Sunday, July 31, 2011
Plus, we'll screen a short documentary, entitled "The Long Shadow of Dirty Harry", following the film.
Why Star Wars will endure as a movie classic
by Erik J. Martin
(Note: This is the last in a 4-part article)
In 1997, the American Film Institute published its inaugural list of the 100 greatest American movies of all time, as selected by a blue-ribbon panel of leaders from across the film community. Star Wars: A New Hope ranked no. 15 on the list. When the AFI polled experts anew 10 years later in 2007, the film had moved up two notches to no. 13 on the list of 100.
“This list was not only reflective of the tastes of critics, industry insiders and actors and actresses who were allowed to vote, but it’s reflective of the general public as well,” said Seth Oster, communications director for the American Film Institute, whom I spoke with back in 1999. “Clearly, what they were saying with this list is that these 100 films, including Star Wars, have stood the test of time and quality as the great achievements of the first 100 years of filmmaking.”
The AFI’s 1997 list immediately caught the public’s eye, sparking healthy controversy and debate over the rankings, inclusions and omissions of favorite films.
“People will not always agree on movies,” said Oster, who adds that the list is meant to be subjective. “Our goal was to get people talking about the classics.”
Wherever Star Wars ranks among your personal favorites, Film historian Vivian Sobchack suggests that viewers should think for themselves and not be swayed by critical or public opinion.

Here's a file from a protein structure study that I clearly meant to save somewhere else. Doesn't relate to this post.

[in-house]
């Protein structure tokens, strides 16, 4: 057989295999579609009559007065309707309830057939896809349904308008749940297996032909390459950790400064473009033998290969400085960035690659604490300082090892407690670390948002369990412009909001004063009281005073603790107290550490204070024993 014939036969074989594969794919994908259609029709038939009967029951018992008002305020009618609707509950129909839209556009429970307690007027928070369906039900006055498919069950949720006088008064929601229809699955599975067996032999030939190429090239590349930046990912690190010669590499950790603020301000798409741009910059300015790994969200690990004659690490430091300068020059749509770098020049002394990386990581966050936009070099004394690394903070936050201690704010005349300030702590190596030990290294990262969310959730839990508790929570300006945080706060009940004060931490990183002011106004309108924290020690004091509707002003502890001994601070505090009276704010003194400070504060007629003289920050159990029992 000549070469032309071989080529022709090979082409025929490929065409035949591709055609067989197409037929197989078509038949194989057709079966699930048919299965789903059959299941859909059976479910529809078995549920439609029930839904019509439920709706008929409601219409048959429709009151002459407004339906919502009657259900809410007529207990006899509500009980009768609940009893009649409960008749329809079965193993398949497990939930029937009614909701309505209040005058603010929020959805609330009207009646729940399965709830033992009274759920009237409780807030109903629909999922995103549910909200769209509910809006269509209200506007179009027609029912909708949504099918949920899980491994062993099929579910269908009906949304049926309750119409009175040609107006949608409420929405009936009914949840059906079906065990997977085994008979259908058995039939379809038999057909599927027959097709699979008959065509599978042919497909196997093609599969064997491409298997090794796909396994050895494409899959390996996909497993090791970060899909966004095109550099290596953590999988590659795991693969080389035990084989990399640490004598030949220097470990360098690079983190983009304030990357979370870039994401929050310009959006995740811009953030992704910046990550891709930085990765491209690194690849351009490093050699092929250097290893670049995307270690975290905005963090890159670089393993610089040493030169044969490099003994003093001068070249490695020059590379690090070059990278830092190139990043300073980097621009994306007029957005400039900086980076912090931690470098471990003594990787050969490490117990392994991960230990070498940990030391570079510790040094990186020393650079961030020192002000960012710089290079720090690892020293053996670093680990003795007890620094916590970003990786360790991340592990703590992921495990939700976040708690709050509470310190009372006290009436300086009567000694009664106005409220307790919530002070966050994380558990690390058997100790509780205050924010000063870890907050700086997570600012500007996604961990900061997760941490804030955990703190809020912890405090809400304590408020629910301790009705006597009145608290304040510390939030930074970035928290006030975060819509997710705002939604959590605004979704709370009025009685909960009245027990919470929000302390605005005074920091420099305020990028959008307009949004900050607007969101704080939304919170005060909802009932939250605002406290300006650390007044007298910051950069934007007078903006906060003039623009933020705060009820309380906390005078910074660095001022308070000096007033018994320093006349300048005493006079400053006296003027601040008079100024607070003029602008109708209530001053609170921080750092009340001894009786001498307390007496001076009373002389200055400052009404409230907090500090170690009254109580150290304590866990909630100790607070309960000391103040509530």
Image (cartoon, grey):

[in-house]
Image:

“The glut of highly publicized ‘greatest ever’ and ‘top 100' movie lists “should be interpreted with a grain of salt,” she said. “The big, event movies like Star Wars, Gone With the Wind and Titanic will continue to place high on these polls and critics lists because of their overexposure and overwhelming popularity, but “unless you use a single criteria, such as ‘top 10 films of technical importance,’ or ‘best big box office masterpieces,’ it just becomes just another popularity contest.”
The Oak Lawn public library will screen yet another free film in its REEL BOOKS" SERIES -- National Velvet (1944, G, 123 min.) -- Tuesday, July 19 at 10 a.m. – A jaded former jockey helps a young girl prepare a wild but gifted horse for England's Grand National Sweepstakes. Starring Elizabeth Taylor and Mickey Rooney. Based on a children's book by Enid Bagnold. Click here for details.
The Oak Lawn public library will be screening another free film in its REEL BOOKS" SERIES -- The Greatest Game Ever Played (2005, PG, 120 min.) -- Tuesday, July 12 at 10 a.m. -- A coming-of-age, golf drama based on the true story of the 1913 US Open, where 20-year-old Francis Ouimet defeated his idol, 1900 US Open champion, Englishman, Harry Vardon. Starring Shia LaBeouf. Based on a biography by Mark Frost. Click here for details.
The Oak Lawn library will be screening another free film in its "REEL BOOKS" SERIES -- Persuasion (1995, PG, 107 min.) -- Wednesday, July 6 at 2 p.m. -- In 1800s England, Anne Elliot, the daughter of a financially troubled aristocratic family, was persuaded to break off her engagement to a young seaman with poor family connections. After each of their fortunes changed eight years later, will he and Anne rekindle their old flame? Starring Amand2a Root and Ciarán Hinds. Based on a novel by Jane Austen. Click here for details.